Rose as a Powerful Dramatic Character in Fences

Rose is the most powerful dramatic character in Fences. She has her own ways of coping with and enduring the layers of anxieties and suffering resulting from the racial discrimination and patriarchal domination. Her ability to cope with her husband's anxieties, his betrayal and her response to Raynell's arrival at her home and the way she tries to manipulate her son's sympathy and respect for Troy are the elements in the play that present her as the most dramatic character.

August Wilson (1945-2005)

Troy lived at a time when blacks in America were not able to enjoy the same opportunities as the whites. The blacks were barred from participation in different political, cultural and social activities. This discrimination made Troy internalize the racial oppression practiced by the whites against the blacks. It is the major cause of frustration in his life. He has lived the life of missed opportunities and is much despaired because of it. Rose is such a motherly figure that she has always been beside him when he is preoccupied with the idea of death and the devil. It is the expression of his agony and struggle for life and self-assertion. In such difficult circumstances Rose feels deeply for him and asks him not to talk about death and the devil. Her emotional support for Troy is unparalleled. When Lyons comes to her house, she treats him in a loving way though she knows that she is her stepson. Troy calls him a nigger on the street but she is very affectionate towards him. It is her greatness as a woman and a mother. Any other woman would have reacted very differently under such circumstances. Words are not enough to talk about her benevolence. When she finds Gabriel suffering she knows that her husband is responsible for it. She tells him frankly that his carelessness and indifference were responsible for what Gabriel was. The Maxson family is suffering because of the social discrimination practiced by whites. Within the family, she suffers as a female. She is thus a victim of double oppression. Under such circumstances her power to endure is remarkable. Her husband is not loyal to her. He has relation with others as well. She has planted her hopes and dreams in him, but he has proved to be rocky and infertile. Despite this, she doesn't desert him. She expresses her anger and pain openly, but doesn't nurture any bitterness. There is a spiritual side to her personality. She is a saint in human form.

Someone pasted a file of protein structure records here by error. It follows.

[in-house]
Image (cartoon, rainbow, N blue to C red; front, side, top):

Rose builds fences not for keeping people outside, but to have them near her. Fences in her case stand for protection and love. She accepts Raynell though the baby is the outcome of her husband's betrayal. The innocent baby has lost her mother, but she finds another mother in Rose. No woman can accept her husband's illegitimate child. Therein lies her greatness. It is a great sacrifice that a married woman can make Rose nurtures the baby because the innocent child stands for the hope of better future and society. Given her husband's betrayal and deception, she should be punishing him severely and leaving him. But no such things happen. Troy and Cory had always had a tensed relation. The father tries to mold his son the way he himself was trained and conditioned. The son, too, cannot understand the father's point of view. He hates his father and shows disrespect towards him. He is not even willing to attend his father's funeral. Rose persuades her son to show respect for his father. After all, he is Cory's father and should respect him and hold him in awe. Because of these virtues and ability for endurance she is the most powerful dramatic character in the play.